The key question was how to resolve the competing demands of confidentiality and open justice. The preservation of anonymity must be shown to be necessary in the interests of the administration of justice. Open justice fosters public confidence in the impartial and fair administration of justice, deters inappropriate behaviour by the Court, ensures that evidence becomes available, and limits the risk of uninformed and inaccurate comment about the proceedings.

In applying the open justice principle, a court must consider the risk of harm which disclosure may cause to the maintenance of an effective judicial process or to the legitimate interests of others. There may be good reasons for denying access. Some obvious ones are national security, protecting the interests of children or mentally disabled adults, protecting privacy interests, and protecting trade secrets and commercial confidentiality. In civil cases, a party may be compelled to disclose documents to the other side which remain confidential until they are used in the proceedings. But even then, there may be good reasons for preserving their confidentiality, for example, in a patent case.

In this case, there was no convincing explanation how the public identification of the five friends would assist in advancing the purposes served by the open court principle. The rights of confidentiality comfortably outweighed the value of disclosure. Confidentiality for media sources enhances freedom of expression and carries weight in a balancing exercise.

Continued anonymity upholds the agreement made between People magazine and the five friends, and the reasonable expectations which that generated. It also supports the proper administration of justice by shielding the friends from the "glare of publicity" at the pre-trial stage. It does not help the interests of justice if those involved in litigation are subjected to a frenzy of publicity. At trial, the considerations may be different and that is a price that may have to be paid in the interest of transparency.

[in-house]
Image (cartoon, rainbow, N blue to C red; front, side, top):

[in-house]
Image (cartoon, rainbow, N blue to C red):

The Court ordered that confidentiality be maintained and the court record sealed pending trial or further order at the pre-trial review.

Canadian Position

The jurisdiction to restrain a breach of confidence extends to third parties who have received confidential information. Third parties aware of the confidential nature of the information are subject to an obligation of confidence from the time the information is received.

The principles of confidentiality also prevent confidential information from being used in litigation. This is referred to as an "implied undertaking". The principle applies where a party to a lawsuit obtains information through court-compelled production of documents or discovery testimony, which information could not otherwise have been obtained by legitimate means independent of the litigation process. In such a case the receiving party impliedly undertakes to the court that the private information obtained will not be used, vis-à-vis the producing party, for a purpose outside the scope for which the disclosure was made, absent consent of the producing party or with leave of the court. A failure to comply with the undertaking will be contempt of court.

Finally, specific confidential orders can be granted by courts in appropriate circumstances.


1. 2020 EWHC 2160